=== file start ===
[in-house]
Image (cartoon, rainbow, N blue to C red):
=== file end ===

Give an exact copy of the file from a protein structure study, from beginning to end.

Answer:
[in-house]
Image (cartoon, rainbow, N blue to C red):